The Three Most Incredible Secret Agents of History

“Forget the privacy, we all are the spy and spying each other in every way on every subject.” 

― Ehsan Sehgal

It’s believed that only ten people in every one million has what it takes to be a secret agent; a great courage and the ability to gracefully endure levels of anxiety and stress which would make a normal human take his own life (only twenty people in Mexico City, thirteen people in Tokyo and eight in New York if we do the maths). Above that, one needs to be a master in several disciplines (such as survival and hoax, just to mention the most important ones).

The people you will read about in this text went far beyond what we see in movies and read in classic literature, they were asstounding humans of which we’ve all forgotten about. Lets then today, remember them.

joan pujol


Without this double agent, the D-Day would have never happened. He was born in Spain and -although he was far more dangerous than a gun fight inside a lift - he wasn’t much of a warrior; instead, he was a formidable actor. He hated both the Nazis and the Communists, and not only he infiltrated into Hitler's Germany but he also managed to fool their intelligence agency to such a degree that they made him into a spy. He created a complex web which he used to provide the English government with information about the troop movements, maritime movements, air movements, intelligence reports, plans and missions of the Nazi Party to whom, at the same time, he lied to so extraordinarily well that he even managed to personally convince Adolf Hitler that the allies were not going to land in Normandy and manipulated him into sending his troops 249 kilometers away from the shore - opening way for the most important historical episode of the Second World War to happen.

Despite this - the German government, unaware of his true loyalties - gave Joan the Iron Cross (one of the maximum military decorations of that country until 1945) and they did so the same year when England granted him with “The Most Excellent Order of the British Empire”, turning Joan into one of the very few people in history decorated by both sides. He died in Caracas, Venezuela at the age of 74.

Sidney Reilly


Sidney George Reilly spied for several different countries across four continents - this Jewish Russian-born spy of the most extraordinary type served as a major inspiration for the character of James Bond. He might have been the most diverse secret agent of history; without being a double agent he spied for England, Japan, Russia, USA and Germany. Reilly worked as an assassin and ruined and orchestrated top secret plans for everyone. Exactly who he was is a bit of a mystery but he was originally named either Georgi Rosenblum or Salomon Rosenblum and after faking his own death in Odessa he fled the Tsarist regime and, traveling via either France or Brazil (depending on who you believe) arrived in London in late 1895 and crafted himself a new identity: Sidney George Reilly.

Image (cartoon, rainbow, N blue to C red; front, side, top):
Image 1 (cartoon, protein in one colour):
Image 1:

In 1925, Soviet secret police pretending to be anti-Communists lured Reilly back to Russia and captured him.  He was imprisoned for several weeks of interrogation and then executed.  The Soviet’s public story is that he had been shot while trying to cross the Finnish border, and even after his execution rumours circulated that he had defected and had become a Soviet adviser.

Kim Philby


Kim was born in the British Raj to a quite wealthy family. He grew up to be a fervent communist and became the leader of the most successful secret operation of the Soviet Union known as “The Cambridge Five”, a group of five international top agents loyal to the Union who infiltrated to the depths of the British Intelligence in aim to pass key information to Kremlin. Meanwhile Kim became a high rank member and the director of several operations of the English intelligence service. Philby infiltrated as well to the USA where he became a writer for the New York Times while he providing Russia with extensive information about the US nuclear arsenal. In his times living in the United States, Kim worked in several embassies and became illustrious citizen of both USA and Britain.

Kim mingled for decades within the British royalty and the American upper class meanwhile reaching the highest levels of the MI6 and CIA. In 1963 he defected to the Soviet Union, disillusioned with communism and according to his wife he tried to drink himself to death several times due to his disappointment and personal failures. She added. "Kim believed in a just society and devoted his whole life to communism. And here he was struck by disappointment, brought to tears. He said, 'Why do old people live so badly here? After all, it is they who won the war.'"

He died in 1988 at age 76, in Moscow.

“For an old spy and codebreaker like myself, nothing in the world happens by coincidence.”

- Malcolm Nance